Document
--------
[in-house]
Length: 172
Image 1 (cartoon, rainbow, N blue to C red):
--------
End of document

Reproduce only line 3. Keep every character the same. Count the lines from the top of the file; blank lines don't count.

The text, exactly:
Image 1 (cartoon, rainbow, N blue to C red):